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September 2016

Credit union offering special loans to help immigrants become citizens

For many of King County's 100,000 legal immigrants who are eligible to become full US citizens, the $680 applicant fee is a barrier, especially if it is multiplied to include other family members, or requires hiring a lawyer for assistance. That fact, and the personal experience of the top executive at a local credit union led to the creation of a special loan program to help immigrants complete the final step to full citizenship.

The one-year loan for up to $700 carries a 9.99 percent interest rate or a similar fee payable upfront, designed to serve Muslims whose faith prevents them from paying interest under sharia law. Two year loans for amounts up to $4,000 are also available at a higher rate. The financing is available to any permanent U.S. resident who need a loan to complete the naturalization process.

"I have total empathy for what these people are still going through when they can't afford to become a citizen," said Richard Romero, president and CEO of the Seattle Metropolitan Credit Union, whose not for profit financial cooperative is offering the loans in conjunction with the City of Seattle. The native of Peru came to the U.S. when he was four years old, but didn't become a naturalized citizen for another 20 years.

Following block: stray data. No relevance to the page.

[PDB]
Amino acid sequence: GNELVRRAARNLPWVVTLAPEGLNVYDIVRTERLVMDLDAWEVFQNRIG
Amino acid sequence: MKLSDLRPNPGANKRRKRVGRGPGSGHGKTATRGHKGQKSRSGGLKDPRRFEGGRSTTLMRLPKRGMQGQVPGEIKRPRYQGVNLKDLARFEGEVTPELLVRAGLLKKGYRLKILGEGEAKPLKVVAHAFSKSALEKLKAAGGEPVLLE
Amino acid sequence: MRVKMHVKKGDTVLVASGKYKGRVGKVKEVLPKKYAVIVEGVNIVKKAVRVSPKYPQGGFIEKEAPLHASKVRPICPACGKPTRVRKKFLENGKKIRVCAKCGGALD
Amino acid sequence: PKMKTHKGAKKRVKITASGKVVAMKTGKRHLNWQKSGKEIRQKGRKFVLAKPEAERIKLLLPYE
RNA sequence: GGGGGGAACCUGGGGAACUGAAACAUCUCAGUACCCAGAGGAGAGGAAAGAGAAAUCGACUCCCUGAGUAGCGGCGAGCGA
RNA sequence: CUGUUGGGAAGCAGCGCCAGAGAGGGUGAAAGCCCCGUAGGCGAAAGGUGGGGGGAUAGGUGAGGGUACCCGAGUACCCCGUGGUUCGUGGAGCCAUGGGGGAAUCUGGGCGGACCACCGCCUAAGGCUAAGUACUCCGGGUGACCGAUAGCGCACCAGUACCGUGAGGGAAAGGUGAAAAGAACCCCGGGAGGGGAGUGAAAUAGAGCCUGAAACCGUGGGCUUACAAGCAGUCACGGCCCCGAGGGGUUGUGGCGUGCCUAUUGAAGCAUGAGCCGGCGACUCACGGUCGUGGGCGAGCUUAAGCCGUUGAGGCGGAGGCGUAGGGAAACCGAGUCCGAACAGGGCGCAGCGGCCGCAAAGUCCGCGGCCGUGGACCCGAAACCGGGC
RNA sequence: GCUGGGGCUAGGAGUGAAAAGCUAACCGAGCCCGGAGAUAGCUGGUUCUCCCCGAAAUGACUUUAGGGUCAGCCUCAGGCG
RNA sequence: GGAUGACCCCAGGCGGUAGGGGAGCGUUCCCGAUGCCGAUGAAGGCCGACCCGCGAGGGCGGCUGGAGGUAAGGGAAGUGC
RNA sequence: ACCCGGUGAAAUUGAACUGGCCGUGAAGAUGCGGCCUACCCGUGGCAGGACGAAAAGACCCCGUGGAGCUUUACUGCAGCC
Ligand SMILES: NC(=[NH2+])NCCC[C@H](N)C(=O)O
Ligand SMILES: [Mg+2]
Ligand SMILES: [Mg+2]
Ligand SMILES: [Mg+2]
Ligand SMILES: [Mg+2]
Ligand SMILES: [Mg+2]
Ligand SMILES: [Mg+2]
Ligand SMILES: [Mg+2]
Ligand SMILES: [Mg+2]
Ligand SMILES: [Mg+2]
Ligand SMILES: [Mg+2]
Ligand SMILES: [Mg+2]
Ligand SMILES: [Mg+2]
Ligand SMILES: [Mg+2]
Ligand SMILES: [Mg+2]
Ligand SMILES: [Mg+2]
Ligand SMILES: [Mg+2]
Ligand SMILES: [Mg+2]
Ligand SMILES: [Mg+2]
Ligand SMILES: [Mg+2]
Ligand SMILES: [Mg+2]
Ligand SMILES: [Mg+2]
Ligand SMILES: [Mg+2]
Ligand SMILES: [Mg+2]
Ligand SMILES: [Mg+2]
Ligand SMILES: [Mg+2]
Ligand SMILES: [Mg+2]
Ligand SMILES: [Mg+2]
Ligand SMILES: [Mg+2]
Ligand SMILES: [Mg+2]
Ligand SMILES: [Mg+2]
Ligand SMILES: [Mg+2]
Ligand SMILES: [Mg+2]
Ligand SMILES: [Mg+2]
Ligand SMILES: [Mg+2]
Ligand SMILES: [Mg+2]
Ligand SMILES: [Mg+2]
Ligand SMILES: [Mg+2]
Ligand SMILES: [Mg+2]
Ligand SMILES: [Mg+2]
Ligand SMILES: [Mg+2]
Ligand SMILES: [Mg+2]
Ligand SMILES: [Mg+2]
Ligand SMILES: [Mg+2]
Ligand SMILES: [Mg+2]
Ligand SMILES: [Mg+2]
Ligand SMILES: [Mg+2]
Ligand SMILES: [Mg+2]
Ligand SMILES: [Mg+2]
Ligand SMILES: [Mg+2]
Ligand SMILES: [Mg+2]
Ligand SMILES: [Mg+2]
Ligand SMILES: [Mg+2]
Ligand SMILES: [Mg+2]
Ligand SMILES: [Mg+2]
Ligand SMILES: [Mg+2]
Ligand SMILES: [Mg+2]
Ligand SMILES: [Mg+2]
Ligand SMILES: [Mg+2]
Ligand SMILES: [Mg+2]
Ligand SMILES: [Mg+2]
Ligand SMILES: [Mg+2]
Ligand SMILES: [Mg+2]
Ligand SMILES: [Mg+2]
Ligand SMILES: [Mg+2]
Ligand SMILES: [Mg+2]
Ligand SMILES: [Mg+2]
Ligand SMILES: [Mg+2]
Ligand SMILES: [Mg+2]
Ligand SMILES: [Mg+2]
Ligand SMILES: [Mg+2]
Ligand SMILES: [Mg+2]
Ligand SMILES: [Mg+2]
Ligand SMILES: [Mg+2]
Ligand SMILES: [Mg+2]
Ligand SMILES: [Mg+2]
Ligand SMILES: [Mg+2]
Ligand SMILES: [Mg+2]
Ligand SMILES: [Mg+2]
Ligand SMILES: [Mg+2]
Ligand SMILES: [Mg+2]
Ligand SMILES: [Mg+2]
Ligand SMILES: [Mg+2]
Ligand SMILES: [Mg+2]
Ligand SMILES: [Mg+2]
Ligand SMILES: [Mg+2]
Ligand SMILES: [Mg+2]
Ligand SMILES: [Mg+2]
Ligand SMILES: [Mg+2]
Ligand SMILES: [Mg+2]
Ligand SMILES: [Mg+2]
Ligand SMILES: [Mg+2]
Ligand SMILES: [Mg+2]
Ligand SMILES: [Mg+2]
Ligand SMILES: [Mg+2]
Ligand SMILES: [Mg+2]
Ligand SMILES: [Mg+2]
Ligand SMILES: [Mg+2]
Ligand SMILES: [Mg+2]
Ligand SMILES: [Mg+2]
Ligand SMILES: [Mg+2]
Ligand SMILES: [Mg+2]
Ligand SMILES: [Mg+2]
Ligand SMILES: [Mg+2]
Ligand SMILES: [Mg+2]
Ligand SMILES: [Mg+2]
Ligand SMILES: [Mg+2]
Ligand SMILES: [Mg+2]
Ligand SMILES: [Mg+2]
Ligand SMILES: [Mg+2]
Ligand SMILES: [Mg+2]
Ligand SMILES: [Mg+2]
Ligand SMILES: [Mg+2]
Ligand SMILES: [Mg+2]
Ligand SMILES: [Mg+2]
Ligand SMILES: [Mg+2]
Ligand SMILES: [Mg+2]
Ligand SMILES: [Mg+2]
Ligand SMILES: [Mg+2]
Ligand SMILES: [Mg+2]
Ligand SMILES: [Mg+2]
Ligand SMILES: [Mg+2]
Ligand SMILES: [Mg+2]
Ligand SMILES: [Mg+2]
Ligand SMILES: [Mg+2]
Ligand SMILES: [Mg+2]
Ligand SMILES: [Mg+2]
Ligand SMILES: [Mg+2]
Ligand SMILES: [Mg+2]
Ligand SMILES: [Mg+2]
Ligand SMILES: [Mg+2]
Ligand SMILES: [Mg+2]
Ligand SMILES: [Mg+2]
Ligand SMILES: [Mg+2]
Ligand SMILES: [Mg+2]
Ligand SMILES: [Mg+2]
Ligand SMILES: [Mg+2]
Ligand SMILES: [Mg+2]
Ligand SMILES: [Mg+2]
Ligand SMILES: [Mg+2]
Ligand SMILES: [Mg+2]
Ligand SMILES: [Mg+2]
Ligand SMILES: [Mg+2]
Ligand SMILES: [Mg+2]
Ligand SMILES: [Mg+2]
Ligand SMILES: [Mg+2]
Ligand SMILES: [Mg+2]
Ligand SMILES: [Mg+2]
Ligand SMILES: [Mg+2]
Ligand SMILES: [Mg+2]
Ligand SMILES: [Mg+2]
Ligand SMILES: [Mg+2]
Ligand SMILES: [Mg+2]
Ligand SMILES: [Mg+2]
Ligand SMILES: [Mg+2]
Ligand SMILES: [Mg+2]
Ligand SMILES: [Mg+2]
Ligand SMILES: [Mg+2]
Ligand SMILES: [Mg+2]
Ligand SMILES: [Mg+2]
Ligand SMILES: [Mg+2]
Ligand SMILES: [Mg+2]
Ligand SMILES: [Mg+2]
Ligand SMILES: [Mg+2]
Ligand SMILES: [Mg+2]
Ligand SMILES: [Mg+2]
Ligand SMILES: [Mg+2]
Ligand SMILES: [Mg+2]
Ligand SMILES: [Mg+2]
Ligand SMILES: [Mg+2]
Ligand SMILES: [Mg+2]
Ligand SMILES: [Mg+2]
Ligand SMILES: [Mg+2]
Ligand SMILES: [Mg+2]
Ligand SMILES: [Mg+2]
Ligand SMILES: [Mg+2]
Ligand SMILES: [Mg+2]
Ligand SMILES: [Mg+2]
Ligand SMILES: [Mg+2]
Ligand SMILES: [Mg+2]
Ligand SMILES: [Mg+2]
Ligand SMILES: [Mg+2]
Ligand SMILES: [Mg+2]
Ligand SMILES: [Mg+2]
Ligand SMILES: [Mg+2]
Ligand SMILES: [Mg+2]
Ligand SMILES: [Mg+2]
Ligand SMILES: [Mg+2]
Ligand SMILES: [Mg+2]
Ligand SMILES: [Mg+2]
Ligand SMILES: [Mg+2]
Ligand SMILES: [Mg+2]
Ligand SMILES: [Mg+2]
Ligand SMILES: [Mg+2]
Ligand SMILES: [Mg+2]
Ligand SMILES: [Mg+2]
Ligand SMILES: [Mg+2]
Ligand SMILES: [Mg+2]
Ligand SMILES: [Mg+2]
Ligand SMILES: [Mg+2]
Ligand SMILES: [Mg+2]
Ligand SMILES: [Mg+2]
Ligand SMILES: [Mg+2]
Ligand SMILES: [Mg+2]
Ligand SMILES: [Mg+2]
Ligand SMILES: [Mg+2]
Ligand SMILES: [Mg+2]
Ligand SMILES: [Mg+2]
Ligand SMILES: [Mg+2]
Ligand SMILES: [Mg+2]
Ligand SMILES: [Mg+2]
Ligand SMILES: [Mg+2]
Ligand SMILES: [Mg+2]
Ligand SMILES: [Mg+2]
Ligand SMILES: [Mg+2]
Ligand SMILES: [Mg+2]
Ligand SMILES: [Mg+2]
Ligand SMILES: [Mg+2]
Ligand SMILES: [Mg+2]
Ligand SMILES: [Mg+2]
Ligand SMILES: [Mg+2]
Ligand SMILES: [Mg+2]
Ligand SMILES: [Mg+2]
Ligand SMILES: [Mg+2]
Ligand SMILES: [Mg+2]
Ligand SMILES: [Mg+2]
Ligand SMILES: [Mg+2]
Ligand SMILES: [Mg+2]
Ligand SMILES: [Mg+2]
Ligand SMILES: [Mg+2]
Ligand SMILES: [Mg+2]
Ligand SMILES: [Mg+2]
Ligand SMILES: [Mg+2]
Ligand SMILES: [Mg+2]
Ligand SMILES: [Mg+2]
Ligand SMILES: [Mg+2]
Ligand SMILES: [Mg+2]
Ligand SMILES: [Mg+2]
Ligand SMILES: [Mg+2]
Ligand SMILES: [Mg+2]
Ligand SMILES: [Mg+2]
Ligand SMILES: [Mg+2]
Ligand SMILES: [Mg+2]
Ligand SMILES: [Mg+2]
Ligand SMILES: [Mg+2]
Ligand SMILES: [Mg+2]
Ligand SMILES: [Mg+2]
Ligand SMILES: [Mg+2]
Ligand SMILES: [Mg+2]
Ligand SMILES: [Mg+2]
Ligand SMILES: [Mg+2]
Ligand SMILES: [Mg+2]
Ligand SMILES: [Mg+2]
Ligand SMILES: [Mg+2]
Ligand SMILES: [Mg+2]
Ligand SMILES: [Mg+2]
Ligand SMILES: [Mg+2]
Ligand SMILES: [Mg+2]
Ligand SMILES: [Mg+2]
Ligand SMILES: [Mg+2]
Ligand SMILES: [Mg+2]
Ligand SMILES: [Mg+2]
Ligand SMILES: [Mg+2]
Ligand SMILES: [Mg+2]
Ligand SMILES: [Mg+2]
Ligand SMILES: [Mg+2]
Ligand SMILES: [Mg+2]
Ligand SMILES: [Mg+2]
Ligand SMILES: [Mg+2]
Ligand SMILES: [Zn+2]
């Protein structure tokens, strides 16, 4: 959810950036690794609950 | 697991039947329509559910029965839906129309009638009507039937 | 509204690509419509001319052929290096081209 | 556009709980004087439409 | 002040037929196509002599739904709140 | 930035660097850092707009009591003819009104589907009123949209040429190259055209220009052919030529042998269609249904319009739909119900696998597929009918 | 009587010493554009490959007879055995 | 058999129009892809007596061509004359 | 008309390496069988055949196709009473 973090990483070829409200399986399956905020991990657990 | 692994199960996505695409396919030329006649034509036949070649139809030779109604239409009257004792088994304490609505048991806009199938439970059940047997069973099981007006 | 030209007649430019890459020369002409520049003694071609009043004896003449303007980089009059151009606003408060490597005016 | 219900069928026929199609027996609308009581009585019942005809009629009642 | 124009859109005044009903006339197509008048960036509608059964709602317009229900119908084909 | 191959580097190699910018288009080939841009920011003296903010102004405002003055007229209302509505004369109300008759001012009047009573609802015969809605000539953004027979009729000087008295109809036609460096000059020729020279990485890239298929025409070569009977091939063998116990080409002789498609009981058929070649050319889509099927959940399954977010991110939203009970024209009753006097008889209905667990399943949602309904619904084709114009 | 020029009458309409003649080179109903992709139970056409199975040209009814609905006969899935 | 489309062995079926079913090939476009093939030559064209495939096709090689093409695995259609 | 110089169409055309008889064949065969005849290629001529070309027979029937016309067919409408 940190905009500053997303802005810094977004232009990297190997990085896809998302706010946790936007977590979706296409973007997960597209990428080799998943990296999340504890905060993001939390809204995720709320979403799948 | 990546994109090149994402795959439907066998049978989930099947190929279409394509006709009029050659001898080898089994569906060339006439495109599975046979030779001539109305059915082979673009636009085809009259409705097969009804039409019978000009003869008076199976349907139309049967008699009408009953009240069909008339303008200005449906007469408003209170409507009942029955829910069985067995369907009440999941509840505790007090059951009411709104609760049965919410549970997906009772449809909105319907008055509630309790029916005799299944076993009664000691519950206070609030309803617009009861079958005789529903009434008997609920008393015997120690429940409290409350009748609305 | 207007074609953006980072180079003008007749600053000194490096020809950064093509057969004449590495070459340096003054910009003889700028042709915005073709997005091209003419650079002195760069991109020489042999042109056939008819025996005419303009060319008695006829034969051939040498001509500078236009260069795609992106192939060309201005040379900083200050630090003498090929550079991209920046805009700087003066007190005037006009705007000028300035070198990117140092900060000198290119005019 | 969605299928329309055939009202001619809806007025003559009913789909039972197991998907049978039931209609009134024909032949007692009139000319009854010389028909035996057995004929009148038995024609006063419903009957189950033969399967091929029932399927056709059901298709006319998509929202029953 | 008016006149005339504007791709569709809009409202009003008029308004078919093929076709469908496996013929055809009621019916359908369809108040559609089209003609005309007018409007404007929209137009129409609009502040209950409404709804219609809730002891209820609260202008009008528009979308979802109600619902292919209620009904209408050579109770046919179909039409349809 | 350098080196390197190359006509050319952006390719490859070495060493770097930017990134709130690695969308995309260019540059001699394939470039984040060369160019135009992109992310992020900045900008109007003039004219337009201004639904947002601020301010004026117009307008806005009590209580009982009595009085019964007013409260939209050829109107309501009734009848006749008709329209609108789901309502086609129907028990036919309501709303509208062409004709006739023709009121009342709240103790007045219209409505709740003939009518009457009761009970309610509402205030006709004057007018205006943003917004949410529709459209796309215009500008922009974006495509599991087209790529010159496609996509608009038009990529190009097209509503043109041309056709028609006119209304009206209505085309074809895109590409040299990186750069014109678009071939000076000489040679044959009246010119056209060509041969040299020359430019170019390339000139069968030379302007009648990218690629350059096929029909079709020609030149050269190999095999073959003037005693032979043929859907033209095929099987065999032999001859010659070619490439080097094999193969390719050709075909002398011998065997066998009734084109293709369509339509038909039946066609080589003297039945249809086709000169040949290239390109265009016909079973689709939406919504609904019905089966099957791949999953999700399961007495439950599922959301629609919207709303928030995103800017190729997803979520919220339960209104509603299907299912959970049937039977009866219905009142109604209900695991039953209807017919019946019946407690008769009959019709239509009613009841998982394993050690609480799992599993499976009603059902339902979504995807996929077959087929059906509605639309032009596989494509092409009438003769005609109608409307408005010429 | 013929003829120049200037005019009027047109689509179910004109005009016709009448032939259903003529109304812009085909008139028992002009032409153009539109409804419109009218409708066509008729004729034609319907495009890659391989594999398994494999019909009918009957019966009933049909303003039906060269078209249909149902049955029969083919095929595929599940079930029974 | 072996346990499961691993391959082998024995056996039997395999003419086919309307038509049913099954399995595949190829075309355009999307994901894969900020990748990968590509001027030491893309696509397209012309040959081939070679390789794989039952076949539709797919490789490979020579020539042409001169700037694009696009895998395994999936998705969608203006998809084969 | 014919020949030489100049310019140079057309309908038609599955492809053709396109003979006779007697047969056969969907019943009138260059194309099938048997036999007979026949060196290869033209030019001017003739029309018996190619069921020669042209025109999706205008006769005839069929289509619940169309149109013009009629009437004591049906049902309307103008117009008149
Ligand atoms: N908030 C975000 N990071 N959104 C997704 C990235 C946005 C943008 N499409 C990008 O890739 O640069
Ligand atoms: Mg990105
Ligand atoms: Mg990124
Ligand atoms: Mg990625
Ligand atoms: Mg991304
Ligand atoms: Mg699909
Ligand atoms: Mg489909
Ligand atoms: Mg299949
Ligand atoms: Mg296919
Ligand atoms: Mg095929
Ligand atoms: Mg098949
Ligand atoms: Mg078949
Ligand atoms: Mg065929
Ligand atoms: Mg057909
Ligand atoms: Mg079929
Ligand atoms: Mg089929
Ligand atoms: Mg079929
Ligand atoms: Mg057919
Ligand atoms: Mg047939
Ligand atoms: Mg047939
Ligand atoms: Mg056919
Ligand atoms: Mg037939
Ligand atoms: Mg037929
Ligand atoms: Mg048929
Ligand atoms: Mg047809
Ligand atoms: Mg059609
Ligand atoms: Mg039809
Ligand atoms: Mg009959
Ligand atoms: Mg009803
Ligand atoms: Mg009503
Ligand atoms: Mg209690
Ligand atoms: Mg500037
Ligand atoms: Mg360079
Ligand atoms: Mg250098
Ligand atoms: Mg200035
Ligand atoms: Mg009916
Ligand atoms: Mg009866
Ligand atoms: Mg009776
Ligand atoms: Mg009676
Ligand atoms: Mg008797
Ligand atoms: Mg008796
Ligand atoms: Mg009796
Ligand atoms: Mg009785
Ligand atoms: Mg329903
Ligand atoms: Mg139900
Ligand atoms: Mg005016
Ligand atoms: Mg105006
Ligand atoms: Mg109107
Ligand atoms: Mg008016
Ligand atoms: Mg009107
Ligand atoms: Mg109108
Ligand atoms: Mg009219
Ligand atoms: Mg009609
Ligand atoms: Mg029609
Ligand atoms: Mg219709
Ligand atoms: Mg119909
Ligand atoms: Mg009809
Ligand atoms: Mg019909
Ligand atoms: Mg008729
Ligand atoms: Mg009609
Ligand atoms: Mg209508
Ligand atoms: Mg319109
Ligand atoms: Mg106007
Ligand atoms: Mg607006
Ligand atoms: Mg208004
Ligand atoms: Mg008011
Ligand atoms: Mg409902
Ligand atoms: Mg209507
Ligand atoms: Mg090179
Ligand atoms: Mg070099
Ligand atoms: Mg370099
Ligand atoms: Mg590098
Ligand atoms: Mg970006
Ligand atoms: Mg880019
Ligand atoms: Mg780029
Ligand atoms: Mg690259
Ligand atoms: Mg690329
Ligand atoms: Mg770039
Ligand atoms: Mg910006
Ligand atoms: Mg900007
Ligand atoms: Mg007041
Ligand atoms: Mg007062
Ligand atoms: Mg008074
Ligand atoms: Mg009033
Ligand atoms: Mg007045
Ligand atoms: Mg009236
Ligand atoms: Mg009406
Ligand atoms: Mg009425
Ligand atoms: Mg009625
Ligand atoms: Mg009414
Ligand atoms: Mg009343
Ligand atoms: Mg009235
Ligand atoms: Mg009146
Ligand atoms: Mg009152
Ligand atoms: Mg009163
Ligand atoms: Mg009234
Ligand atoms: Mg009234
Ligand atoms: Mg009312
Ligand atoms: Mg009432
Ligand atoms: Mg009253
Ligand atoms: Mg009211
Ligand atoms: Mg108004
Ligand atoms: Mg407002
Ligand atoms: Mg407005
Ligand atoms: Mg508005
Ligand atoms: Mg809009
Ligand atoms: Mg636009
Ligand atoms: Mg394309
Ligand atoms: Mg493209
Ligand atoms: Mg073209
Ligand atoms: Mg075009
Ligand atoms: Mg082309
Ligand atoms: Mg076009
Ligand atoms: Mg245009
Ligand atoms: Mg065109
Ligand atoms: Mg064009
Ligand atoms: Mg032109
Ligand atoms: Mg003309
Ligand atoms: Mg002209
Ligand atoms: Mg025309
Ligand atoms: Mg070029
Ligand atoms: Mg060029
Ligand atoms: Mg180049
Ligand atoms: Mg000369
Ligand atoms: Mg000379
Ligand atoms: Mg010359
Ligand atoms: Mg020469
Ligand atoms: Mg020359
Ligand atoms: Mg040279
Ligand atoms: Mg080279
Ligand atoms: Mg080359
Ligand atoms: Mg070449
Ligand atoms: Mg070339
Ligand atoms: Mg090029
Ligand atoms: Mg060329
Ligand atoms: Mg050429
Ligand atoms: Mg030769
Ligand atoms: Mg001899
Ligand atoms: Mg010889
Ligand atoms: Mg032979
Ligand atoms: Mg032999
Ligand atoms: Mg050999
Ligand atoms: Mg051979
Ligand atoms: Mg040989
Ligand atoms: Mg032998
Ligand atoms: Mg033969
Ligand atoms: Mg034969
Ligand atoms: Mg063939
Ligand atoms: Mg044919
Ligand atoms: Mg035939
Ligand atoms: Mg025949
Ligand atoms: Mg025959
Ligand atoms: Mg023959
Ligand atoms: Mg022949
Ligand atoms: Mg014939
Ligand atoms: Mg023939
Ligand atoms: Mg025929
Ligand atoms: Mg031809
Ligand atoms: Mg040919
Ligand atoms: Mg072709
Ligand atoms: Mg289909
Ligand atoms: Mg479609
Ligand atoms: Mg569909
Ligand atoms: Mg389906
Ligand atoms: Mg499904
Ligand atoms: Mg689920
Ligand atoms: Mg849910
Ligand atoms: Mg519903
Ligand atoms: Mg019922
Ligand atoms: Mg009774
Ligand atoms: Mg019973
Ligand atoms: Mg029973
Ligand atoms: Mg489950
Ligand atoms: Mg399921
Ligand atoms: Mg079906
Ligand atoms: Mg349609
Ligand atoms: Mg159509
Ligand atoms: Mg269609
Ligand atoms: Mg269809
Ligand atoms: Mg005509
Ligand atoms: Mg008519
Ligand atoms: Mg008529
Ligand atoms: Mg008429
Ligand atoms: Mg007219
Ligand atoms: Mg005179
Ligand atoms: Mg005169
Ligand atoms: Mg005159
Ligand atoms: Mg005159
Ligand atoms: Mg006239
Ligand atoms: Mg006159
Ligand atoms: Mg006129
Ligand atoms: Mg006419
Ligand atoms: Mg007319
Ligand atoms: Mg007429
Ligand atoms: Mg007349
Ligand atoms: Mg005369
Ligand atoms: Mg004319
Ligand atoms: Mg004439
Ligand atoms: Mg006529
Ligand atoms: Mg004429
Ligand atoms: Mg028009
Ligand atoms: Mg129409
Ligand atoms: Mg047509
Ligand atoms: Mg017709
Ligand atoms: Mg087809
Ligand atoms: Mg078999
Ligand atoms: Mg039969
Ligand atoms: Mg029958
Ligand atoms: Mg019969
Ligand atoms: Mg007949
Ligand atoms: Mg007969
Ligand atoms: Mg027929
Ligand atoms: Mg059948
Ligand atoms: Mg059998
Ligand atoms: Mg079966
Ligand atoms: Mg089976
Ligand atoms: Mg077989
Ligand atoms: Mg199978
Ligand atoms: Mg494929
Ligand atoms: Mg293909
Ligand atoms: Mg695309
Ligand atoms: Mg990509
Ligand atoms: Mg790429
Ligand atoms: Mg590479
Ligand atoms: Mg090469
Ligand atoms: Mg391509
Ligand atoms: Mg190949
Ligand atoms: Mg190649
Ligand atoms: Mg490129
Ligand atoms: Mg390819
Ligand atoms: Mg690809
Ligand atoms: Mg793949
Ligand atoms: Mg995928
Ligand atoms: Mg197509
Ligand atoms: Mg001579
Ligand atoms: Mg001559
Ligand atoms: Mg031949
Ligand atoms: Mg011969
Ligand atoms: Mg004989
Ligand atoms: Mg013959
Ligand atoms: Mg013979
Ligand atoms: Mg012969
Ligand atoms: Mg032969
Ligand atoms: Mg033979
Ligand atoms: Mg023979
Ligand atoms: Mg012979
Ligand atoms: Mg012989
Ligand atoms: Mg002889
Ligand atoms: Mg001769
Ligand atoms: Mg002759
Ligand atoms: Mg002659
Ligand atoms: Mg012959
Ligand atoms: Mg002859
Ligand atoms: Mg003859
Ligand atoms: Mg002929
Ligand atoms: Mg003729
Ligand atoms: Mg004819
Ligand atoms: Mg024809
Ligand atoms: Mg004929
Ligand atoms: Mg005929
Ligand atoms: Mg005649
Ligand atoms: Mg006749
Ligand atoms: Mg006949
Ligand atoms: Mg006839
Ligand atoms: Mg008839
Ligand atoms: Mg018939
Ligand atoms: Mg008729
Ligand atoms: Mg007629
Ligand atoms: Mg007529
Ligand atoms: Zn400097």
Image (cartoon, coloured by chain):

More than 22,000 people within Seattle's city limits are eligible for citizenship, but more than half are low income and can't afford the application fees, according to the Seattle Office of Immigrant and Refugee Affairs. The city's immigrant population is growing five times faster than the U.S. born population.

Statewide, the immigrant population has more than doubled in the past two decades. Only 46 percent of Washington's immigrants are naturalized as of 2013, the most recent data.

The partners in the new loan program note many immigrants and refugees turn to high-risk and costly options such as payday loans because they don't have access to traditional banks and credit unions.

"It's a huge issue," said Sarah Sumadik, program manager for Washington New Americans, a nonprofit that helps people become citizens.

The differences between a green card and citizenship are tangible and intangible. Naturalized citizens can participate in the U.S. political system and vote, and live permanently in the U.S. without fear of deportation.

Romero says growing up thinking he was an American was a big deal, "but I was always being reminded in different ways I was not. You are treated differently when people find out you have a green card," he commented in an announcement about his credit union's loan program.

Many cities across the country, including a few in Eastern Washington, offer similar loan programs.